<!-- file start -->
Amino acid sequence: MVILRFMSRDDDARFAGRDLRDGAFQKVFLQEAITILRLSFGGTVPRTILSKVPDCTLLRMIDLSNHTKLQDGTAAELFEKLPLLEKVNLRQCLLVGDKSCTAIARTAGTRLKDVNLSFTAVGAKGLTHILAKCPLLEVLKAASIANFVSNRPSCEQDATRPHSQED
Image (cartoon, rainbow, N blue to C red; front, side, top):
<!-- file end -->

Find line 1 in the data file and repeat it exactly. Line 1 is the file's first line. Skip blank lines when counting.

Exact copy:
Amino acid sequence: MVILRFMSRDDDARFAGRDLRDGAFQKVFLQEAITILRLSFGGTVPRTILSKVPDCTLLRMIDLSNHTKLQDGTAAELFEKLPLLEKVNLRQCLLVGDKSCTAIARTAGTRLKDVNLSFTAVGAKGLTHILAKCPLLEVLKAASIANFVSNRPSCEQDATRPHSQED